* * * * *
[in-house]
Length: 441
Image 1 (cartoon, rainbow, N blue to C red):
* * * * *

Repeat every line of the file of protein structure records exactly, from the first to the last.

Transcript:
[in-house]
Length: 441
Image 1 (cartoon, rainbow, N blue to C red):